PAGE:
Sunday, November 30, 2014

Carry on Screaming! British Horror Week - The Sequel! - Happy Birthday Hammer! 80th Anniversary Moviethon

Despite being a long term horror fanatic, I'd barely seen any Hammer films until late last year. Prior to that, all I can remember seeing were one or two when I was at university and that was in less than favourable conditions (overly bright lecture theatres in the middle of the afternoon, while hungover not being the best way to watch movies). But being aware of their importance to British cinema history and that some of my friends are big fans, I knew I owed it to myself to pull my finger out and start exploring their large and varied back catalogue.

As I think I said in the first post of this sporadic theme month, this British horror kick started by accident. But when I saw that Hammer were celebrating their 80th anniversary this month, I started watching as much as I possibly could. My characteristic laziness and procrastination has meant I've blogged about perhaps barely 10% of what I've watched but I'd be remiss if I didn't take the opportunity to let you know about the Hammer 'thon I had three weeks back.

It being their 80th anniversary, I decided to watch 8 films in one day (not a world record by any stretch but perhaps a personal best for me), 3 of which I'd never seen. Rather than going in depth on these right now (we can always return to the films individually at a later date), here's a blow by blow account of how the Hammer action went down...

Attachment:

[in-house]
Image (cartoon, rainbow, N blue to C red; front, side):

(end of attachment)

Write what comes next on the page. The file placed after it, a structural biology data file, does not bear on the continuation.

Saturday 8th November 2014 

10:00 - The Quatermass Xperiment (Val Guest, 1955)

Literally two days before this moviethon, I was lucky to stumble across a DVD of this and its sequel (I hadn't seen either) for the very reasonable sum of £5. And I'm damn glad I bought it. The Quatermass Xperiment (the title apparently stylised to xpolit - sorry couldn't resist -  the recently introduced X rating) is not only an excellent sci-fi horror film but apparently it could be considered Hammer's first horror film. 

Based on the seminal TV serial from a few years earlier, the film follows the eponymous Professor (played here by Brian Donlevy, who writer Nigel Kneale reportedly hated, calling his performance "belligerent" if memory serves. Apparently the actor was mostly drunk during shooting, which might explain this) as he and Inspector Lomax of Scotland Yard (Jack Warner) attempt to track down an AWOL astronaut (the only survivor of an ill-fated mission) who is mutating into an alien organism that has invaded his body and which is now attempting to assimilate anything unwise enough to cross its path.

Monday, November 24, 2014

Bloody Hell! It's British Horror Week! - Curse of the Crimson Altar (Vernon Sewell, 1968)

For the second part of my impromptu Boris Karloff's birthday celebrations last night, I decided to check out today's movie, which I'd never seen. It seemed appropriate as it was supposedly Boris's last British movie (yesterday's film, The Ghoul, being his first). And very strangely (i.e. I only discovered this a few hours ago) it also features someone he shares his birthday with, who is a horror movie fan favourite in his own right, Michael Gough! And that's Alfred from Burton's Batman for you young whippersnappers wondering who I'm talking about!

Also starring horror icons Christopher Lee and Barbara Steele (seen above, looking even scarier than usual), the film follows antiques dealer Robert Manning (Mark Eden), who is looking for his missing brother. His search leads him to the seemingly remote Craxted Lodge, where he wanders into a party full of swinging hippies and is soon escorted to meet the house's owner, Morley (Christopher Lee, plus moustache) by his lovely niece Eve (Virginia Wetherell). During a discussion regarding Manning's missing brother, he and Morley are soon joined by a Professor Marshe (Karloff!), who, when not rolling his eyes at Manning's lack of appreciation for his brandy, is generally helping twist the creepiness dial (located next to the lever opening the secret passage) up higher and higher.